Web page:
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Carer's Allowance & New Job

Posted: Sat Dec 29, 2018 7:00 pm
by Max_1812
Hey all,

I currently care for my gran and have done for the last few years. I have been in and out of work the last year but never earning over £300 a month and have been claiming Carer's allowance for nearly a year.

I have been offered a job internship for a company, it would be 35 hours a week and a salary of 16k. I would still be caring for my gran the remainder of the time, plus I could be working from home and would still be caring for her too whilst working at home.

The £250 a month I currently receive is a great help for me and I do not want to lose that once I start this new job. Is there anyway I can continue to receive this benefit or any loopholes? I read the sticky thread but didn't quite understand.

Thanks!

Re: Carer's Allowance & New Job

Posted: Sat Dec 29, 2018 7:13 pm
by Chris From The Gulag
Hi Max ... seasons greetings ... welcome to the canteen.

In essence , it's £ 120 per week + Carers Allowance ... full stop.

1p over £ 120 and the whole of Carers Allowance is lost.

No taper ... just a cliff edge.

There are ways to marshall income to remain within the £ 120 but ... given likely income ... definately a case of jam tomorrow ... and not today.

Several threads for you on this aspect from different angles ... including the recent DWP purge thread ... the DoleMan is always hovering in the background :

https://www.carersuk.org/forum/support- ... week-21683


https://www.entitledto.co.uk/help/Carer ... ated-costs

https://www.carersuk.org/forum/support- ... read-34576

I trust that there is enough in the above threads for you to get the big picture.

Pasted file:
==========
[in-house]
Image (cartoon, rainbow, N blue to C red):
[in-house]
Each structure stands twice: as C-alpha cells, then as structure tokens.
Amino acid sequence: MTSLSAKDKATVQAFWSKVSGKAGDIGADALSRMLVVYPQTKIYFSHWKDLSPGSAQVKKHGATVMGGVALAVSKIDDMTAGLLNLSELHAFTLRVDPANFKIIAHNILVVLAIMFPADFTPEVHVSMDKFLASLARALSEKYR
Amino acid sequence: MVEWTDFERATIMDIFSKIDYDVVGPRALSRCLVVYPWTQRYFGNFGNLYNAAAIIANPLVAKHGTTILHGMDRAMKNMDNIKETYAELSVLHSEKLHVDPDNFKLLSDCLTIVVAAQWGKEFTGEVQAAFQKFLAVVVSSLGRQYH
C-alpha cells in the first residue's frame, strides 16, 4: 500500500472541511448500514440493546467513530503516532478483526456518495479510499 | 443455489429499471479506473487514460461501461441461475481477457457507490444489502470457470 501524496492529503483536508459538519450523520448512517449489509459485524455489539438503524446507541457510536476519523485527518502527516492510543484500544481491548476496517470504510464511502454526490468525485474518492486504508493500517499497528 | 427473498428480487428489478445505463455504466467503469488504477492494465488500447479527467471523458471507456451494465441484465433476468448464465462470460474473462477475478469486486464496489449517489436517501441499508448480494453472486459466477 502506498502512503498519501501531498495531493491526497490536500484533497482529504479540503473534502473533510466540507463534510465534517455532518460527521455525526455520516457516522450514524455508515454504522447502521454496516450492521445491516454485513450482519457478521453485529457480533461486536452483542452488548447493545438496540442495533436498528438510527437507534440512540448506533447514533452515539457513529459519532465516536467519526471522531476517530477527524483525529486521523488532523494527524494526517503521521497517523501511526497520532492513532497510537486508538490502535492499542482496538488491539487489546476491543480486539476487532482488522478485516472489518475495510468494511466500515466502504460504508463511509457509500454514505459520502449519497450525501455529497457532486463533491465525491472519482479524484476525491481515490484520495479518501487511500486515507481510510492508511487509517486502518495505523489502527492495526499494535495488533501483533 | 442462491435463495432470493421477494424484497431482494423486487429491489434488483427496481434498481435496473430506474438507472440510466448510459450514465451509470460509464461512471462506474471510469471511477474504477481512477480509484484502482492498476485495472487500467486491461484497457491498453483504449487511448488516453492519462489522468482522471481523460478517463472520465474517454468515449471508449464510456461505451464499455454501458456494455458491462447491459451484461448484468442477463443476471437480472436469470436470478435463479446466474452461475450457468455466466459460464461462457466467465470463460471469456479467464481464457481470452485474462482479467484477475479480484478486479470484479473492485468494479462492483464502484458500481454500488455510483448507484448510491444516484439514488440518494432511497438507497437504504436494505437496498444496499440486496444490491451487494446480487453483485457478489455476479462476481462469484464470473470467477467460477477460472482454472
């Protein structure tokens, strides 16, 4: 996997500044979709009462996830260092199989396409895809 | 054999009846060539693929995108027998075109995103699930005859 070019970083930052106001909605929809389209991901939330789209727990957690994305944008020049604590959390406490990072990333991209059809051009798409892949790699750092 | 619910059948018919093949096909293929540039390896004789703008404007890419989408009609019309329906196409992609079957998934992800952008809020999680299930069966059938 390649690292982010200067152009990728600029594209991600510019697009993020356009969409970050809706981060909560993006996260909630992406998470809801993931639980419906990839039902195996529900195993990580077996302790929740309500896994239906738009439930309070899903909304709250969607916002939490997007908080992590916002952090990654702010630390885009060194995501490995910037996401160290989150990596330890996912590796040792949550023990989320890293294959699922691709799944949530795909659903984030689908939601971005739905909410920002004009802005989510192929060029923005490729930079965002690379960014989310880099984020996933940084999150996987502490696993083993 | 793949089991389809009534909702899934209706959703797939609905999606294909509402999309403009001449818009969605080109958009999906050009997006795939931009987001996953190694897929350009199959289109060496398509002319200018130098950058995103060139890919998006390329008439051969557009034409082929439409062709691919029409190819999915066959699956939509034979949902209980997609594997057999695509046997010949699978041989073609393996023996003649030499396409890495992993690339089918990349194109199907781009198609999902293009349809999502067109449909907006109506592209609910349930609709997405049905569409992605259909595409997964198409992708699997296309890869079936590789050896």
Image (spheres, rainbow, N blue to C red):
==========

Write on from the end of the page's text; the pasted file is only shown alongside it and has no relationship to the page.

Re: Carer's Allowance & New Job

Posted: Sun Dec 30, 2018 4:38 pm
by MrsAverage
Hi Max
At a salary of £16000 per annum you would be earning way over the limit of £120 a week for carers allowance, and given the current government clamp down on workers claiming carers allowance I doubt you would be able to show enough genuine expenses to bring yourself down to the limit. You'd have to contribute more than you earn in total to claim the pension contributions for example.
Better that you rejoice in getting employment and starting on a carer ladder leading to your future .
If gran has need of carers to cover you, then it depends on her financial circumstance whether she could get these paid for by Social Services. If she has money of her own she could give you money towards the caring you do to make up for you not being eligible for carers allowance any longer.

Kr
MrsA

Re: Carer's Allowance & New Job

Posted: Sun Dec 30, 2018 4:58 pm
by bowlingbun
Tell us more about Gran, and we might be able to make a few suggestions.

Re: Carer's Allowance & New Job

Posted: Mon Dec 31, 2018 10:56 am
by Max_1812
bowlingbun wrote:
Sun Dec 30, 2018 4:58 pm
Tell us more about Gran, and we might be able to make a few suggestions.
My nan is relatively fine for mobility, however I do the shopping and washing up and cleaning of the house etc. She has mental health issues and needs someone with her majority of the day and every night.

Re: Carer's Allowance & New Job

Posted: Mon Dec 31, 2018 4:22 pm
by bowlingbun
HI Max, in that case, when did she last have a Social Services Needs Assessment, and you, a Carers Assessment?
Or does she have over £23,000 in savings?

Re: Carer's Allowance & New Job

Posted: Tue Jan 01, 2019 10:26 am
by Max_1812
bowlingbun wrote:
Mon Dec 31, 2018 4:22 pm
HI Max, in that case, when did she last have a Social Services Needs Assessment, and you, a Carers Assessment?
Or does she have over £23,000 in savings?
Hey! I am unsure when she las had a social services needs assessment, I am unsure if she has ever had one. I had a carers assesment last month. She does not have more than 12k in savings.

Thanks

Re: Carer's Allowance & New Job

Posted: Tue Jan 01, 2019 10:41 am
by bowlingbun
Max, it sounds like without someone giving her a lot of help, she couldn't live alone?
In this case, she should have a Needs Assessment. Didn't the person doing the Carers Assessment mention services directly for her?!?!

Re: Carer's Allowance & New Job

Posted: Tue Jan 01, 2019 6:51 pm